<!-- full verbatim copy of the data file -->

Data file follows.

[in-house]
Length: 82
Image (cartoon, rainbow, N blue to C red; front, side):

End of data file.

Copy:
[in-house]
Length: 82
Image (cartoon, rainbow, N blue to C red; front, side):